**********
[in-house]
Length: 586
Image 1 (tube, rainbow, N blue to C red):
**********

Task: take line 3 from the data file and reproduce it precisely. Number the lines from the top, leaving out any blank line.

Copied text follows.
Image 1 (tube, rainbow, N blue to C red):